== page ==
Bisesi column: Hornets held their emotions in check
SALISBURY — Glory came across in several forms for the Salisbury soccer team Saturday at WakeMed Soccer Park.
The welt in defenseman John Canipe’s arm, the gimp in Kenny Bonilla’s knee, cramps in both of Emmy Turcios’ feet.
Oh, and the final score at the end of the game.
The Hornets went through the gamut of emotions in the 3-2 state championship win against Carrboro. They were leading, tied, hurt, frustrated, distraught, relieved, you name it. But adversity, nor Carrboro, was going to win after a journey that started in August.
“I just really think it was meant to be,” Bonilla said.
And why not? Saturday’s game was emblematic of the playoff run that showed a flair for the dramatic. The Hornets rallied from a 2-0 deficit against Shelby to win the West region. A goal in the final two minutes of regulation tied it in an overtime win against Cuthbertson. The Hornets never trailed against Carrboro, but other issues mounted.
The bench looked like an infirmary at times. Senior forward Hanson Saryee came out with cramps in both legs in the second half. Offensive leader Kenny Bonilla came out midway through the second half with a right knee injury and Turcios came out in the second overtime after cramping up and went on to score the game-winning goal.
“He’s saved us so many times,” said Bonilla of Turcios. “I love that kid.”
Canipe saved a goal in the second overtime by colliding with the post to preserve Salisbury’s 2-1 lead. The sophomore defenseman shook it off and finished out the game.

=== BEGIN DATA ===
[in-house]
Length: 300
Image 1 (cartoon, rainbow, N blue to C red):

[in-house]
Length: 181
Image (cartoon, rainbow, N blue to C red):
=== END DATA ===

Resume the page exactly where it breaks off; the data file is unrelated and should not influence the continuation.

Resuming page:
“It was coming right at near post,” Canipe said. “All I knew was I couldn’t let them win.”
After 26 games, Salisbury didn’t yield, relent or render and it wasn’t going to happen with the state title on the line. Despite key players being out of the game, the plan didn’t alter.
“If you miss a piece of the puzzle, you don’t change the puzzle, you find a new piece,” said Salisbury coach first-year head coach Matt Parrish.
Thankfully for the Hornets and their deep bench, quality overcame quantity.
“When Kenny got hurt, it was a big problem,” Spencer Dixon said. “But we have enough bench that we have other people that can come on.”
Two days after fulfilling his “greatest sports moment,” with the game-winner against Shelby, freshman Michael Brown scored in the first overtime session off a scramble in front.
“It’s been crazy in the playoffs,” Brown said. “Every game we’ve been down and we just keep on fighting through.”
After Brown’s goal, Carrboro tied it on Sam Hickey’s volley past Connor Miller with 4:17. The roller coaster of emotion took a massive drop.
“I was devastated,” Parrish said. “But in that moment, you can’t wilt. I didn’t throw my hat, didn’t shake my head, It makes us weak.”
Sudden death came and Salisbury didn’t want to take it to penalty kicks. Parrish said a goal in the first two minutes was crucial with the Hornets rampant with fatigue. Salisbury struck a blow that couldn’t be answered 1:50 into the session.
When Turcios’ second goal sealed it, Parrish showed track-star speed on the run to the other side of the stadium. Pandemonium erupted from the Salisbury fans as the Hornets clinched their third state title this month.
The program from last year’s season-ending loss East Lincoln, which Parrish kept in his pocket for each game this season, didn’t weigh him down. After the game he took it out and read the quote he inscribed on it: “The question isn’t who’s going to let me, the question is who’s going to stop me.”
“No matter what they say, this medal will still be around my neck, that ring will still on my finger and that trophy will still be in the school until the end of time.” Parrish said.
Somehow, Salisbury found a way to win in the playoffs. Style points were superfluous when hardware was at stake.
“I don’t know how to epress it,” Turcios said. “I’m so happy.”
Contact Ryan Bisesi at 704-797-4258 or firstname.lastname@example.org.